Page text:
Exploring the Programmable Parameters of Power Wheelchairs

Ashleigh Haskins
By Ashleigh Haskins

Programming your power wheelchair for optimal driving can make all the difference in improving independence and safety. From speed and manoeuvrability, power wheelchairs can be programmed to suit a user’s unique needs. For example, a power wheelchair that is too sensitive can offset a reflex in a child with cerebral palsy. A power wheelchair that stops suddenly may not be ideal for a C3 quad with minimal trunk balance.

Each manufacturer has its own electronics system. However, most of them have similar parameters that are programmable. Some of these driving parameters include:

Forward Speed: The maximum speed achieved when the joystick reaches full throw (furthest from centre). It is often represented as a percentage of full available speed on a specific power wheelchair.

Turning Speed: This is full speed achieved during a turn. This is usually set much lower than Forward Speed. If turning speed is too high, the wheelchair may be over responsive and jerky. If the turning speed is too low, the wheelchair will be sluggish. A user with less controlled movements would generally have their turning speed set low.

Reverse Speed: The maximum speed achieved going backwards. It is usually lower than forward, as users generally have less control driving backwards and may reverse farther than necessary if the speed is too high.

Acceleration: How quickly the chair reaches full speed, whether moving forward or reverse or turning. If set too high, the power wheelchair may lurch suddenly. If set too low, the wheelchair may not be responsive enough. Setting this parameter correctly will allow the user to accommodate to the motion, whatever the direction.

Deceleration: How quickly the chair stops in the parameters listed above. If set too high, the wheelchair may come to an abrupt stop. If set too low, the wheelchair may roll too far forward.

Torque: The power output needed to drive over various surfaces without increasing speed. Setting the torque correctly will allow for controlled driving especially when driving over thresholds, grass or ramps.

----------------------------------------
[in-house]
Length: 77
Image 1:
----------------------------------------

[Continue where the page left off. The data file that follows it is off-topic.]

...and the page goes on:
In addition to the above parameters, most expandable electronic systems will allow for additional adjustment including: tremor dampening (how quickly the wheelchair responds to movement of the joystick), joystick throw (how much movement can be applied to the joystick before the wheelchair reaches maximum speed) and directional selection (selecting which joystick movement will move the wheelchair in the selected direction – eg: pulling back on the joystick to go forward.

Programming the wheelchair can make all the difference in the user being able to successfully and confidently control the power wheelchair. There are times where the wheelchair may not need replacing but reprogramming - we often have people tell us they want a new power wheelchair as their current one is too hard to control but it simply needs reprogramming to better suit the person. Our team at GTK are proficient in programming the wheelchairs to perform smoothly, however we are reliant on the user’s feedback and the therapist’s clinical and observational skills to match the electronics to the client’s needs.

Our GTK Assistive Technology Consultants are experts in identifying the best power wheelchair electronics options for a person and then programming it to suit them. If you’re having trouble with a power wheelchair that ‘just doesn’t drive right’, get in touch with us to see if we can help.

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Ashleigh Haskins
Ashleigh Haskins More by Ashleigh Haskins